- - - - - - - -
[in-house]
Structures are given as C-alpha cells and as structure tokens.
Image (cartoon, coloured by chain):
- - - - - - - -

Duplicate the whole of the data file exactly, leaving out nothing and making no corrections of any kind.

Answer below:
[in-house]
Structures are given as C-alpha cells and as structure tokens.
Image (cartoon, coloured by chain):